Opportunity Lost During Remodeling?
Bruce W. Maki, Editor
Over the years I have seen many remodeling projects
where the homeowner or contractor had removed the drywall, siding or
flooring and passed up many good opportunities. Whenever a surface finish
is removed there is almost always a chance to repair, upgrade, improve or
enhance the things that lie beneath the surface.
Take interior walls, for example. When building a house,
the drywall cannot be installed until the initial inspections are made for
electrical, plumbing, heating/cooling, and of course, framing. Conversely,
whenever an interior wall surface is removed, any of these systems could
be examined or modified. Yet many people, contractors included, pass up
the opportunity to improve what lies behind the wall. Why does this
happen? Home owners often don’t know what enhancements could be made.
And some contractors don't want to add complexity to their projects, such as
bringing in an electrician or other subcontractor for a minor change. This
scenario seemed common during the housing boom years, when many
contractors were more interested in the practice of "get in, get it
done, get out, and cash the check".
I've always noticed that contractors don't usually give a darn about your heating bills. They are
in business to make money, period. True, it would be a smart customer
service to suggest some insulation upgrades, but it has to be weighed against
the profitability (and complexity) of the job.
In these post-housing-bubble years, I keep reading about
contractors who are taking a greater interest in energy-efficiency
upgrades. It's about time!
If you are hiring a contractor, it's important to know some
basics about home construction techniques, so you can ask the right
If you are the serious do-it-yourselfer that would tackle a
remodeling job, then you REALLY need to be familiar with the many
different materials and construction methods available. It really
sucks when you finish a big remodeling job and then discover that
you could've installed better insulation, or wired in some different
lighting, or run wiring for home theater, a home computer network,
security system, etc.
Wall Surface Removal Could Allow:
- Insulation improvement: Replace the old insulation or add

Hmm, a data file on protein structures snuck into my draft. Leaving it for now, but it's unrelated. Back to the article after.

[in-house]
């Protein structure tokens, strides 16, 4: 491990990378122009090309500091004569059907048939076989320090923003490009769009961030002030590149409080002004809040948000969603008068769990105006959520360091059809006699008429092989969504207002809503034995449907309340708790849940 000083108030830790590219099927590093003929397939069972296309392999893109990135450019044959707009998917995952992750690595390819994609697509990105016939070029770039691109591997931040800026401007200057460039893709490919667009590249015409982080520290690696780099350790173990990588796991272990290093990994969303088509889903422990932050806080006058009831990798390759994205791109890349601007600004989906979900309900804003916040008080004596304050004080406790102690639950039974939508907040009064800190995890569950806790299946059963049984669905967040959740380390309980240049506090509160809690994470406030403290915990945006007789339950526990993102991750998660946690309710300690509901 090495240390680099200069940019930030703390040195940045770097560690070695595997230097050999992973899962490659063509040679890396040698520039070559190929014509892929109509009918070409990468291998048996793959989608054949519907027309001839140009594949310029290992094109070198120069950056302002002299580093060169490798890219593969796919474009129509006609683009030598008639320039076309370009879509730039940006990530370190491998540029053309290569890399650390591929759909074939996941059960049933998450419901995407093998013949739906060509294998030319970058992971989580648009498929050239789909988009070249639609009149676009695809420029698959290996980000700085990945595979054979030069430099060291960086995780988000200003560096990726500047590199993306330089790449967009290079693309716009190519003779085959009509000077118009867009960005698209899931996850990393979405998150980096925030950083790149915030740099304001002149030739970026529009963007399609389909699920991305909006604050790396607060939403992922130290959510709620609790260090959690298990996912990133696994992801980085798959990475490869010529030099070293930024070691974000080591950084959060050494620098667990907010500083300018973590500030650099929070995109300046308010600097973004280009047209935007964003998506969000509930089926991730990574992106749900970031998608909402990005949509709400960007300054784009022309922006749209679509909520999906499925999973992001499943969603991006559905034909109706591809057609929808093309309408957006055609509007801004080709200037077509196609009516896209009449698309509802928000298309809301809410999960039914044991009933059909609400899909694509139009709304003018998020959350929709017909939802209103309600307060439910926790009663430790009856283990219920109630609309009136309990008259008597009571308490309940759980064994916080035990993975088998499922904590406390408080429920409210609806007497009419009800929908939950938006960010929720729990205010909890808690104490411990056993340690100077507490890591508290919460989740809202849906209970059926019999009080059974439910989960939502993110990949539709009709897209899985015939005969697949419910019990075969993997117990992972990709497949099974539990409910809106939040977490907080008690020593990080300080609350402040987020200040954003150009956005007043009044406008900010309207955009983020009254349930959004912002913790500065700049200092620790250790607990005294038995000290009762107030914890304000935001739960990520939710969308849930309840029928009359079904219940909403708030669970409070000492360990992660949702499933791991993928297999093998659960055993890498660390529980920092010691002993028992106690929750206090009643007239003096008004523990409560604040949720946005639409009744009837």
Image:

more. A layer of foam could be added to enhance the existing
insulation, at minimal cost. A vapor barrier can be added if none
- Wiring update: An opportunity to add more outlets, wall
sconces, light switches, wires to upper floors, wires to outdoor
lights, phone and cable TV lines & jacks. Let's not forget running
wiring for computer networks (such as CAT5e), or speaker wiring for a
home theater system, or security system wiring.
- HVAC: Additional ducting could be installed if
some rooms were too hot or too cold. Ducts could be disassembled and
cleaned. Return air ducting can be added on homes built without it
(which was all too common years ago).
- Plumbing: Repair and replacement of old pipes,
especially galvanized steel. Old vent and drain piping could be
corrected or updated. Drain cleanouts could be installed (with an
access port in the new wall surface).
- Structural: Inspection of wall studs, window
and door framing, water & insect damage inspection. Excessively
damaged framing can be replaced or supplemented.
Ceiling Surface Removal Could Allow:
- Most of the items listed above, plus:
- Wiring, lighting improvements, addition of ceiling
fans or recessed lights.
- Insulation enhancements, vapor barrier.
- Plumbing and HVAC improvements as mentioned earlier.
- If the ceiling in question is the underside of the
floor above (such as the first floor ceiling in a two story house),
then sagging or springy floors could be remedied by sistering
Flooring Removal Could Allow:
- Subfloor improvements: Squeaky floors can be
remedied by locating the floor joists and screwing the subfloor down
with deck screws. Subfloor could be removed to access wiring and
plumbing, although this could be very time consuming.
Siding Removal Could Allow:
- Additional rigid foam insulation panels could be
- Structure could be inspected for damage.
- Plywood/OSB sheathing could be installed if
rigid sheathing was not originally used.
- Existing sheathing could be screwed to the studs,
using deck screws.
- Sheathing could be painted with a good quality
primer, to reduce the weathering effects of moisture transmission.
Many would argue this is a waste of money, but I've seen a lot of old
houses where the wood or plywood sheathing got damaged from small
amounts of water infiltration, or from condensation behind the siding.
- An air barrier (Tyvek or Typar) could be
added, to reduce wind infiltration.
- Additional outdoor lighting.
If there is a bottom line to this discussion, it’s
that proper, careful, and detailed planning can result in the
optimum remodeling job for the money and time invested.